Introduction from Dominic Oliver, Head Master
Hosts to the to-ing and fro-ing of Lancing life, the cloisters of the Lower and Upper Quads are a wonderful feature of the energy and vitality of the College. It is in striking contrast that we find the tranquility of the Memorial Cloister. A beautiful and calm place, it is the perfect environment in which to contemplate those connected to Lancing who suffered in the great wars of the Twentieth Century. The Cloister’s setting in the lee of the Chapel and alongside the rose garden; its carefully wrought design; the beautiful craftsmanship; the sheer extent of the lists of the dead; all are elements which combine to generate a powerfully contemplative impact on everyone who spends time there.
The generosity and labours of John Hamblin OL in creating this online memorial to match the inscriptions in the Cloister have produced an exhaustive work for which we must all be extremely grateful. The painstaking and thorough research on display enables us to go far beyond names and dates and to connect with the details of the young men who gave their lives; in looking through the archive the carved stone of bare fact becomes animated and deeply affecting.
In November each year the College community gathers for a solemn Requiem Mass. In watching Lancing’s young men and women take leading roles in our Act of Remembrance it is always arresting to be reminded that those who suffered so terribly and in such great numbers were youths just like them, many of them barely out of school. This contrast of vitality and recollected devastation will be all the more powerful as we approach the centenary of the end of the First World War.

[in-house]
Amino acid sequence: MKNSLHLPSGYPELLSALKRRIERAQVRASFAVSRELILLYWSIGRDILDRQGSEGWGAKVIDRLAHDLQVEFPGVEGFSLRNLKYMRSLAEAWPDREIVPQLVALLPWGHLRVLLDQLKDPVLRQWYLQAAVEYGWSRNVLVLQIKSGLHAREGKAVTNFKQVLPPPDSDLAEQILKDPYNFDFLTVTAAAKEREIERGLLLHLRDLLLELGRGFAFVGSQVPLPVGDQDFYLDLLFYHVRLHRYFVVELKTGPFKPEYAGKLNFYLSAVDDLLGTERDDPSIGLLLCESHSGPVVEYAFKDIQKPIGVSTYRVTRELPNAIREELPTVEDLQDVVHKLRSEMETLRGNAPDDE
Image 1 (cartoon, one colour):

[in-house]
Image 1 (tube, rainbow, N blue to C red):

The writer and philosopher George Santayana wrote in 1906 that
Those who cannot remember the past are condemned to repeat it.
Schools, by definition, must be places of learning and in our meditation upon Remembrance we aim both to reflect upon the sacrifice of those who have gone before us and to learn from history’s most profound and troubling lessons.
"To you from failing hands we throw
The torch; be yours to hold it high.
If ye break faith with us who die
We shall not sleep, though poppies grow
In Flanders fields."
"Oh! you who sleep in Flanders Fields,
Sleep sweet - to rise anew!
We caught the torch you threw
And holding high, we keep the Faith
with All who died."
We do indeed hold high the torch all these heroes threw and we keep faith with those who died. This website will assist us in so doing as well as ensuring that we remain sincere and true to Laurence Binyon's lines of remembrance which the Chapel Choir sing at the War Memorial each November:
"They shall grow not old, as we that are left grow old:
Age shall not weary them, nor the years condemn.
At the going down of the sun and in the morning
We will remember them."
"Their seed standeth fast, and their children for their sakes.
Their seed shall remain for ever, and their glory shall not be blotted out.
Their bodies are buried in peace; but their name liveth for evermore."